How to Protect Your Health in a Changing Climate

We can all take steps to prepare for the impacts of climate change and care for our health. These actions, in turn, can protect our health and provide us with a greater sense of security and self-efficacy. Here are examples, below.

Active Senior Couple
Actions by Impact

 Extreme Heat 

  • Learn to recognize the signs of heat illness, including headache, nausea, confusion, dizziness, weakness, irritability, thirst, heavy sweating, and elevated body temperature​

  • Check weather reports for the following day to plan your activities accordingly.

  • Identify places in your community where you can go to escape the heat and cool off, such as libraries and shopping malls, or contact your local health department to find a cooling center in your area. Do not rely on a fan as your primary cooling device.

  • Stay hydrated, drinking at least 8 cups or 64 ounces of water per day.

  • Wear loose fitting clothing made of lightweight and light colored fabric, and a wide brimmed hat if you will be somewhere without shade.

  • Weatherize your home. Cover windows with drapes or shades. Weather-strip doors and windows. Use window reflectors specifically designed to reflect heat back outside. Add insulation to keep the heat out. Use a powered attic ventilator, or attic fan, to regulate the heat level of a building’s attic by clearing out hot air. Install window air conditioners and insulate around them. Learn about programs to offer financial support for home weatherization from the U.S. Department of Energy.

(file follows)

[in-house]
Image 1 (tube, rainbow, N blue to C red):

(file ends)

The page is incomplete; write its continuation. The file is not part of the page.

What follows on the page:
Air Quality

  • Check daily air forecasts in your area and plan your day accordingly.

  • Learn to recognize signs of asthma or heart distress including difficulty breathing, chest pressure or pain, cough, wheezing, fatigue, swelling in the legs, ankles or feet, feeling weak, light-headed, or faint, pain or discomfort in the jaw, neck, arm, shoulders or back.

  • Avoid exercising or playing outdoors when pollution levels are high and always avoid exercising near high-traffic areas. 

  • Find additional tips from the American Lung Association.

Severe Weather Events

  • Understand your local weather, the kinds of hazardous weather that affects your community, and the kind of impacts disaster events can have on your health.